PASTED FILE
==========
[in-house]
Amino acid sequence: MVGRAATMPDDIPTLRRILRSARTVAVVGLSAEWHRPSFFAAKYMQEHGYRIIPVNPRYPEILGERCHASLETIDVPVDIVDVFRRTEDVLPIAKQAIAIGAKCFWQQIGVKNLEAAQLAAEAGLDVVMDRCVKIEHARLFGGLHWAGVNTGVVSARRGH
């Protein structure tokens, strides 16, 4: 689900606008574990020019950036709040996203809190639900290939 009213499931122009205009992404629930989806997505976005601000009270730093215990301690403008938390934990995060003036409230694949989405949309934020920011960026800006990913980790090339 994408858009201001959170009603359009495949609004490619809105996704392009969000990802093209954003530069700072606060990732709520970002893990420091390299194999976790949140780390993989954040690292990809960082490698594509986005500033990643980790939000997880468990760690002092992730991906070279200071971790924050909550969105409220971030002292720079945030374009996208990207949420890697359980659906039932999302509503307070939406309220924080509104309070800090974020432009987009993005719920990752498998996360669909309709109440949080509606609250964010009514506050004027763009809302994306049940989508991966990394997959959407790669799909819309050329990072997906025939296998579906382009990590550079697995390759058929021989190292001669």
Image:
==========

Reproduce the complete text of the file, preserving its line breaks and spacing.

[in-house]
Amino acid sequence: MVGRAATMPDDIPTLRRILRSARTVAVVGLSAEWHRPSFFAAKYMQEHGYRIIPVNPRYPEILGERCHASLETIDVPVDIVDVFRRTEDVLPIAKQAIAIGAKCFWQQIGVKNLEAAQLAAEAGLDVVMDRCVKIEHARLFGGLHWAGVNTGVVSARRGH
């Protein structure tokens, strides 16, 4: 689900606008574990020019950036709040996203809190639900290939 009213499931122009205009992404629930989806997505976005601000009270730093215990301690403008938390934990995060003036409230694949989405949309934020920011960026800006990913980790090339 994408858009201001959170009603359009495949609004490619809105996704392009969000990802093209954003530069700072606060990732709520970002893990420091390299194999976790949140780390993989954040690292990809960082490698594509986005500033990643980790939000997880468990760690002092992730991906070279200071971790924050909550969105409220971030002292720079945030374009996208990207949420890697359980659906039932999302509503307070939406309220924080509104309070800090974020432009987009993005719920990752498998996360669909309709109440949080509606609250964010009514506050004027763009809302994306049940989508991966990394997959959407790669799909819309050329990072997906025939296998579906382009990590550079697995390759058929021989190292001669």
Image: